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Margin Status Remains an Important Determinant of Survival After Surgical Resection of Colorectal Liver Metastases in the Era of Modern Chemotherapy

Andreou, Andreas MD*; Aloia, Thomas A. MD, FACS*; Brouquet, Antoine MD*; Dickson, Paxton V. MD*; Zimmitti, Giuseppe MD*; Maru, Dipen M. MD; Kopetz, Scott MD, PhD; Loyer, Evelyne M. MD§; Curley, Steven A. MD, FACS*; Abdalla, Eddie K. MD, FACS*; Vauthey, Jean-Nicolas MD, FACS*

Annals of Surgery:
doi: 10.1097/SLA.0b013e318283a4d1
Original Articles
Abstract

Objective: To determine the impact of surgical margin status on overall survival (OS) of patients undergoing hepatectomy for colorectal liver metastases after modern preoperative chemotherapy.

Background: In the era of effective chemotherapy for colorectal liver metastases, the association between surgical margin status and survival has become controversial.

Methods: Clinicopathologic data and outcomes for 378 patients treated with modern preoperative chemotherapy and hepatectomy were analyzed. The effect of positive margins on OS was analyzed in relation to pathologic and computed tomography–based morphologic response to chemotherapy.

Results: Fifty-two of 378 resections (14%) were R1 resections (tumor-free margin <1 mm). The 5-year OS rates for patients with R0 resection (margin ≥1 mm) and R1 resection were 55% and 26%, respectively (P = 0.017). Multivariate analysis identified R1 resection (P = 0.03) and a minor pathologic response to chemotherapy (P = 0.002) as the 2 factors independently associated with worse survival. The survival benefit associated with negative margins (R0 vs R1 resection) was greater in patients with suboptimal morphologic response (5-year OS rate: 62% vs 11%; P = 0.007) than in patients with optimal response (3-year OS rate: 92% vs 88%; P = 0.917) and greater in patients with a minor pathologic response (5-year OS rate: 46% vs 0%; P = 0.002) than in patients with a major response (5-year OS rate: 63% vs 67%; P = 0.587).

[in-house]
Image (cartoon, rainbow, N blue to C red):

Conclusions: In the era of modern chemotherapy, negative margins remain an important determinant of survival and should be the primary goal of surgical therapy. The impact of positive margins is most pronounced in patients with suboptimal response to systemic therapy.

In Brief

In this era of effective chemotherapy for colorectal liver metastases, the association between surgical margin status after resection of colorectal liver metastases and survival has become controversial. We show here that a negative margin remains an important determinant of survival and should be the primary goal of surgical therapy in patients undergoing resection of colorectal liver metastases. The impact of positive margins is most pronounced in patients with a suboptimal response to systemic therapy.

Author Information

Departments of *Surgical Oncology

Pathology

Gastrointestinal Medical Oncology

§Diagnostic Radiology, The University of Texas MD Anderson Cancer Center, Houston, TX.

Reprints: Jean-Nicolas Vauthey, MD, FACS, Department of Surgical Oncology, The University of Texas MD Anderson Cancer Center, 1515 Holcombe Blvd, Unit 1484, Houston, TX 77030. E-mail: jvauthey@mdanderson.org.

Presented at the 97th Annual Clinical Congress of the American College of Surgeon, San Francisco, CA, October 23–27, 2011.

Disclosure: Supported in part by the National Institutes of Health through MD Anderson's Cancer Center Support grant CA016672. The authors report no conflicts of interest relevant to this article.

© 2013 Lippincott Williams & Wilkins, Inc.